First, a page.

Parenting is hard and sacrificial. I liken it to being trapped in a storm on the ocean and most of the time I feel like I am overboard and drowning. Well, maybe I am the only person that feels like the above. After being a parent for 8 years and in those eight years multiplying our family from one child to a total of four, I finally feel the calm in the storm and I am breathing. Our life is still chaotic “like herding cats”. Our children still test boundaries, yell at top of their lungs at times, and can be  unkind to one another.

What changed in 2017 /year eight of parenting? My relationship with Christ. This year I have started to cultivate a relationship with the heavenly father in prayer and through his word. I have made it a number one priority.  Prioritizing the Lord first in my life has allowed me to give more grace and mercy to my children and to motherhood. I realized that I was the problem. My inflexibility to adapt, my own past childhood grievances, selfishness, and tendency toward perfection. I felt extreme friction with my children and parenting. Trying to fit my children in my unique box of what I thought (society thought) children should be. As I read through 2 Corinthians specifically 8:7 stood out to me “But since you excel in everything—in faith, in speech, in knowledge, in complete earnestness and in the love we have kindled in you—see that you also excel in this grace of giving.” Paul was talking to the Corinthians. However, it made me think how much was I giving grace? I mean the ultimate parent God sacrificed his son because he loved us so much. I did not deserve that and I have been a very unruly, disobedient, and defiant child.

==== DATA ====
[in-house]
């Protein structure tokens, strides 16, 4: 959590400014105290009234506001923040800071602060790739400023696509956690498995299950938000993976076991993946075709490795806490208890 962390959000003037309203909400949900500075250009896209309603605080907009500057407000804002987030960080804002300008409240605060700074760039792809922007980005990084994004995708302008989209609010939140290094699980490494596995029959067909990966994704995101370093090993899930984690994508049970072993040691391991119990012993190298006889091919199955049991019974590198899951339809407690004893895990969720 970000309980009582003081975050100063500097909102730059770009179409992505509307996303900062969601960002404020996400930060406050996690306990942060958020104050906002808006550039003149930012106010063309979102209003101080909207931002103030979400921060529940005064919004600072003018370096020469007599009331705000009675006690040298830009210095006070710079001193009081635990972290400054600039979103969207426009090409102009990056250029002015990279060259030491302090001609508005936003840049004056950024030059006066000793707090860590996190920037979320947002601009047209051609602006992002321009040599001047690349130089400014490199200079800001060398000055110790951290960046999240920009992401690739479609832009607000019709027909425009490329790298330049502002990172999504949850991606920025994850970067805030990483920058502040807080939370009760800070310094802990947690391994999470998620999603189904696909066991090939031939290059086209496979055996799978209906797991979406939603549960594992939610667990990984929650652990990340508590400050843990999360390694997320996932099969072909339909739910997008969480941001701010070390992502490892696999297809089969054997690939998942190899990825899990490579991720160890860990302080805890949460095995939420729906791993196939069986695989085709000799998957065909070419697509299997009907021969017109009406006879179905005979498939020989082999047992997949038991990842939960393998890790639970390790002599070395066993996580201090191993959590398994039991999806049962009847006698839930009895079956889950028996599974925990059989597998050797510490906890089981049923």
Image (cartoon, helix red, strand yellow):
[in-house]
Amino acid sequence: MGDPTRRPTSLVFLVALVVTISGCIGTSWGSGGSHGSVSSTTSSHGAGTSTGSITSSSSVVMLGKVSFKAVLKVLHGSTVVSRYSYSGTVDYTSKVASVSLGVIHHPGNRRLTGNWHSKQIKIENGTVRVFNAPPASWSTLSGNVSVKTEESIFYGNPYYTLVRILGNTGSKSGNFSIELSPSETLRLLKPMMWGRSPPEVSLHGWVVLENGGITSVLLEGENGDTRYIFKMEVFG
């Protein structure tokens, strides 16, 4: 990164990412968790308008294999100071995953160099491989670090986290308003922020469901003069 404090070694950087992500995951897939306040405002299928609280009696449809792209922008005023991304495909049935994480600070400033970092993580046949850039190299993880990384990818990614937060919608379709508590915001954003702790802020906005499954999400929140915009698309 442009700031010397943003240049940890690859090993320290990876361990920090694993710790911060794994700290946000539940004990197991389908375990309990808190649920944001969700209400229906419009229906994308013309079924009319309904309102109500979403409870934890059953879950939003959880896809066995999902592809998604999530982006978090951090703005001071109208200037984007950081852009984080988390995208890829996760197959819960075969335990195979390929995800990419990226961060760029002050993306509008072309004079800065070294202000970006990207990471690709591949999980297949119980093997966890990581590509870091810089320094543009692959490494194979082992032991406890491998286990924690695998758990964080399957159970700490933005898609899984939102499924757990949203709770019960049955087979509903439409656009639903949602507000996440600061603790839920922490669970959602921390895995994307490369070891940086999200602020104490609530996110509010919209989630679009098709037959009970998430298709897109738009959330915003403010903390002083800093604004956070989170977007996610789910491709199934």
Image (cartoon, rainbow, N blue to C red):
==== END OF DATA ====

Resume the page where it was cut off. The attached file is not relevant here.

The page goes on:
I started to read Grace Based Discipline: How to Be at Your Best When Your Kids are at Their Worst by Karis Kimmel Murray. I soon realized that I had an audible download of the book Grace Based Parenting by her father Dr. Tim Kimmel that I downloaded nearly a year ago and never listen to, until recently. Things started to click. I am still in process of implementing and figuring out how this plays out in our family with guidance from my hubby. Both parents have to be on board.

By no means am I tooting my horn. There are still many a days that I catch myself yelling and/or criticizing. But, we are creating a safe space for forgiveness to be ourselves and on those days I am on my knees and looking at my kids saying sorry and forgive me. How do I know this is working; because I see it in my kids. Children who use ” I feeling ” statements, understand how to identify their anger and proper channeling techniques. Most of all they know even in the hardest meltdowns. Mom is not judging, she has been there and she is ready to grant forgiveness and discipline to facilitate God’s plan for them.